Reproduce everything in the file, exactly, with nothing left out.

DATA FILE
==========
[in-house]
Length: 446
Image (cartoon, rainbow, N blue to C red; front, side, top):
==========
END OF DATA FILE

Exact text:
[in-house]
Length: 446
Image (cartoon, rainbow, N blue to C red; front, side, top):